Research, Design & Production

Design Air Furniture

Designing inflatable furniture for the high-end event market.

R&D for the Smart Air collection at Blofield

Undergraduate Thesis

The Hague University of Applied Sciences

Design Case

Blofield, a Dutch design brand, Isn´t just an ordinary furniture company. Quite the contrary. The company uncommonly focusses on inflatable designs. With already several collections inhouse at the time, the company was expanding with a new collection. This new collection made use from a new extraordinary sturdy inflatable material which facilitates new design possibilities for the air furniture. The lounge chair, seen in the picture, was the first product of the new collection.


The company was looking for ways to use the new material to produce a table for the collection. In my time at Blofield, I led the first exploration to a producible product.


Design Process

Blofield is quite a unique company; with uncommon products, different B2B and B2C markets, and international operations while still being a fairly small company. It’s no wonder that a lot of stakeholders are involved with the project. Having a good understanding of the context is important before the real designing can start. Market research and user interviews were conducted to get a better understanding of the project, which helped with placing it in a relevant framing.

As an internal Research and Development intern, I was responsible for the development of the new addition to the new collection. During this project, I applied most skills and knowledge that I acquired during my bachelor. A classical Product Design approach was applied — diverging to many possible ideas and concepts, which later got converted to one final producible product.


Designing for a new product line may seem like a straightforward assignment, but the unique material and amount of freedom within the company made it possible to explore a wide variety of options. Ideation primarily looked at interesting ways to use the material. Exciting and innovative designs are encouraged, but the designs have to be functional in ways that would benefit all important stakeholders.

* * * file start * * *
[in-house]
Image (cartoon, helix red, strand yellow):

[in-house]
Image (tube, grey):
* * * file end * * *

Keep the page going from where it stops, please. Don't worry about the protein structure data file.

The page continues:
Creative ideas can look great on paper, but real-life is not as forgiving as your imagination. In the conceptualization-phase, it is essential to make small prototypes that confirm your assumptions. You don’t want to get into trouble in later stages of the design process. For this same reason, it is important to pay attention to general functioning and details of the design — how will it work and how can it be produced. Small flaws might be disastrous later one. 


Finally, on last crucial aspect that makes sure that that you end up with realistic concepts are the numbers. Estimations of the cost and value help you and clients with evaluating the concepts more accurately. In business it’s especially important that the concepts don’t only look good, but also are economically viable.

3 concepts


Now it is time to really get real. You know what you want and what has to be done. It’s time to put the best concept to the test and shape your idea into a real-life product. The approach might vary from project to project, but starting with simple prototypes never is a bad idea. Several prototyping rounds help with discovering the imperfections as quickly as possible.


Bringing the first ideas to life doesn’t have to be difficult. Quick prototyping methods can be used to get a first impression of a new product concept. All you need is cardboard and a few markers and in no time you’ll have a life-size mock-up. A mock-up helps with seeing the product in the actual context. 

Functional Prototype

After you feel confident enough that the direction you’re heading towards feels right for the product you’re developing, then it is time to invest in a functional prototype. This makes it possible to experience the product and to look for important points of improvement. Make sure that you preserve the aspects make the product great. There is no use in removing difficulties when it makes for a dull product.

Product Proposal

As a designer, no project ever feels like it is truly done. It can be hard to say goodbye to something that has been a part of you for so long. However, after multiple revisions and improvements, a balanced and production-ready product should be the result. And then it is time to let your project free in the real world. Just as I did when completing the project with a producible sidetable that has interchangeable inserts that make the product great for any occasion.

Bachelor? Check.

With the end of this project came the end of my bachelor’s program. Bachelor degree in the pocket.

On to the next challenge!

Want to know more?

Contact me!

I would love to tell you more about the details and results.